At first, we looked and listened with enthusiasm. But money and politics has prevented us from carrying out the most basic of sky watching, even if only in the interests of safeguarding the planet. Near Earth Objects are a worry. Sometimes a bigger worry than at other times. After all, it's a big sky and not enough budget to keep track of all the new objects entering into the solar system let alone any that may contact the Earth. There are not enough astronomers both amateur and professional, operating enough instruments to cover us, hence the birth of the apocalyptic destruction impact motion picture - almost an industry unto itself! Still no one really believes. It just isn't going to happen to us; right?

Frank Drake
If you cannot agree, then consider the question of UFO's and Alien life - life of any type other than that which we know. Consider the proposition that “this is it”. All that we will ever know of life is on this one planet. Can you agree with that? Both situations ask you to consider extremes. In each case, someone 'watches out' for something entering in from the cosmos - just in case! Both consider events as having already happened and in some instances, you are asked to look at evidence ranging from trace samples to a dirty great hole in the ground!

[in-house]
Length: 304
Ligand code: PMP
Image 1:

Most people believe in the 'planet killer' sized asteroid and the possibility of it's hitting the Earth. They also think it a good idea that we should keep a lookout for such objects and have a nuclear warhead or two on hand to “split em up the middle” whenever one gets too close for comfort. The fact that we are not doing a very good job of such a thing is down to an economic world. Many however think it ridiculous to be actively involved in SETI. After all, it is a large financial cost to governments and individuals alike and detracts from other budgets - not to mention the fact that there just couldn't be such a thing.